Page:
Fibroid Risk Factors and Causes
Some studies show that up to 80% of women will develop uterine fibroids, benign tumors in the uterus that can cause a wide range of symptoms, at some point in their life. The physicians at The University of Kansas Hospital specialize in diagnosing and treating uterine fibroids.
So, what causes uterine fibroids to develop, what makes fibroid symptoms worse, and can they be prevented?
Common Causes of Uterine Fibroids
If the majority of women will develop fibroids, it’s reasonable to wonder what causes them and if you are susceptible to developing fibroids without knowing it.
Recent studies have shown that these factors can have an influence:
- Age. Most women who have fibroids are diagnosed between the ages of 35 and 55, but women can experience symptoms from fibroids before the age of 35.
- Race. Not only are African American women more likely to develop fibroids compared to other races, they also tend to develop fibroids at a younger age and have large, more symptomatic fibroids.
- Family history. Developing fibroids is genetic, so you’re at an increased risk if fibroids run in your family, especially if your mother or sister had fibroids.
- Lifestyle and environmental factors. Although there isn’t definitive evidence, having a balanced diet, limiting alcohol consumption, and maintaining a healthy weight have all shown to reduce the risk of developing fibroids.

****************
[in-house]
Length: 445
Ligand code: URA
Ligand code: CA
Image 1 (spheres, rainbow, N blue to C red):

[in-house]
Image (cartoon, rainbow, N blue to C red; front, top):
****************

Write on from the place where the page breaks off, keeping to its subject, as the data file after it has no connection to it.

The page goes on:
Unfortunately, it is still unclear exactly what causes fibroid tumors to develop. Each woman may have a very different experience with fibroids – the tumors can grow at a different pace, the number of fibroid tumors can vary, and the location of the fibroids can be different from person to person.
What Causes Fibroids to Grow?
Fluctuating hormone levels, specifically estrogen and progesterone, can cause changes in the size of fibroids. Symptoms caused by fibroids usually worsen during each menstrual cycle for this reason.
Women with fibroids that do not cause symptoms may not require treatment and can have hope that fibroids typically shrink during menopause because of the drop in estrogen.
Can Fibroids Be Prevented?
Aside from maintaining a healthy lifestyle, there is no evidence that shows ways to prevent uterine fibroids from growing. The most important thing to keep in mind if you have been diagnosed with fibroids and are experiencing symptoms, is that there are many options available for treatment.
Schedule an appointment to learn more about uterine fibroid embolization (UFE), a non-surgical fibroid treatment option.